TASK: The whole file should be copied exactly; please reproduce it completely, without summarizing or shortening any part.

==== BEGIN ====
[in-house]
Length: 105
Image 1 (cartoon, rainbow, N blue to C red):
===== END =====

[in-house]
Length: 105
Image 1 (cartoon, rainbow, N blue to C red):